I once had a gig writing about Depression-era Americans - and how they got through it by canning and pickling summer's bounty. Today's farm-totable enthusiasts have revived this nearly lost art; here, local experts share their tips:
The opening of BAWK, a breakfast pop-up, came just as we were losing strawberry season - but not to worry. Jennifer Samuels (she and husband Will co-own BAWK and its host restaurant, Pizza Nola) has put up jar after jar of strawberry jam.
The jam's chunky, with precious bits of real berry, and a great texture so that it clings thickly to a BAWK buttery biscuit.
"This sunny jam tastes like a pure strawberry, and not some hyper-sweet version of the fruit. "I use low amounts of sugar, which lets the fruit shine," says Jennifer, who made "crazy amounts of jam" as a kid on her grandparents' Illinois farm.
Her biggest canning tip? Time. "I wait until fruit's in peak season, really ripe," she says, and then heats it gently.
Some upcoming flavors at BAWK will include a blueberry-strawberry-basil jam, citrus marmalade (this winter), and a Vidalia onion-peach jam at the request of BAWK's chef, Allan Fickling, who'll pair it with braised pork belly.
Matt Ribachonek learned to cook from his Ukrainian grandmother and great aunt, who taught him the value of canning: "In eastern Europe, it's so cold, you have to jar and pickle to keep vegetables," he says.
The size of his kitchen, though (at the back of live music joint Siberia), makes it almost impossible to reserve pickling or jam jars, so he makes applesauce and kapusta (vinegar-stewed cabbage) almost daily. His method stops short of canning: for the applesauce (mild, with a pleasing round texture) he stews down Gala apples with lemon juice, water, honey and cinnamon spices, then mashes and chills it.
The kapusta gets its roasted, nutty flavor from caraway seeds, which infuse the cabbage as it cooks down with vinegar and water. The versatile condiment is terrific in one of Matt's sandwiches (I'm partial to the Russki Reuben), and is more mellow than traditional sauerkraut.
That's not the only change in method - while Matt keeps the kapusta over heat until the liquids evaporate, "my grandmother would put it in a pillowcase and whip it to dry it out," Matt says.
The Company Burger.
Chef and owner Adam Biderman's brief foray into kimchi this summer took the Korean condiment to the brink of fermentation, and without the benefit of gochugaru (he made do with Thai chili powder).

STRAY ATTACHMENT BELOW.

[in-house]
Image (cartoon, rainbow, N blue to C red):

Making the ginger-forward, deeply savory kimchi was a "powerful" experience, Adam says, because it "keeps [my staff] interested, and it's a chance for me to flex my chef's muscle."
Burger-ready condiments are more his focus, like a plummy tomato jam that blends the fruit with red wine vinegar, sugar and what tastes like a touch of cloves. It's sweetly complex and clean, brightening the turkey burger with which it's paired.
The Company Burger blows through about 80 pounds of bread and butter pickles a week, Adam says. They're tangy and sweet, with a terrific crunch (his secret: brining the cucumbers overnight, draining and cooking them the next day, then moving the cooked pickles hot into the fridge). He makes relish from this same pickle stock, and makes pickled jalapenos the same way.
"If I had a whole other building with a staff of three," Adam says, "I'd have 700 pounds of pickles in saltwater right now."
This Uptown restaurant has the feel of a country general store, with sparkling jars of canned fruits and veggies lining the walls, and the delicious product reaches deep into Dante's menu:
Try the charcuterie plate, which shows off pickled local peaches, and a mostarda that's figgy and thick, with a swift mustard kick.
The sweetened cheese plate (dappled with chocolate kisses) showcases the kitchen's brilliant strawberry-citrus marmalade.
The classic English pairing of oxtail and red wine gets a fresh makeover in a gently curried marmalade that's drizzled over Gulf flounder and coconut basmati rice. The marmalade - sweet golden grapes mashed with sugar and reduced, then paired with braised oxtail - adds complexity and warmth to the otherwise mild-mannered dish.
True to the eatery's World War II theme, the American Sector sprouted a Victory Garden (about a block along the restaurant's side wall) and continues to make its own jams and pickles (which come out in a mason jar as the restaurant's amuse-bouche). Chef de Cuisine Todd Pulsinelli shared the four different brines he uses:
Watermelon. Todd salts and rinses cubed watermelon rind, then makes a brine with star anise, cinnamon sticks and sugar. After boiling and cooling the brine, he pours it over the watermelon and immediately pops them in the cooler. On the menu, these watermelon pickles are paired with garlic fried chicken.
House pickles. Fresh tarragon and dill from the Victory Garden, and Covey Rise cucumbers, come together in this pepper-flaked brine.
Turmeric. Green tomatoes, mirlitons and squash get treated with turmeric-tinged brine, giving the Covey Rise vegetables a golden color and an earthy ginger taste.
Citrus. Chef Todd marinates lemon cucumbers (named for the color and shape) in brine brimming with orange and lemon zests, with a kick from red pepper flakes.
And jams. Be sure to check out the seasonal marmalade that come with the American Sector's Monte Cristo; these days, it's house-made peach and blueberry. PLACES TO JAM